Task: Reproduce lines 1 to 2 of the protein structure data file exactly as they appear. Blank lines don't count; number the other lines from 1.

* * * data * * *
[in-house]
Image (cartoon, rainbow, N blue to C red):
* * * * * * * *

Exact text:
[in-house]
Image (cartoon, rainbow, N blue to C red):